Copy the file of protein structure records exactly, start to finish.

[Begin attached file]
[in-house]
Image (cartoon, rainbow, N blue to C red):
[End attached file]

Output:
[in-house]
Image (cartoon, rainbow, N blue to C red):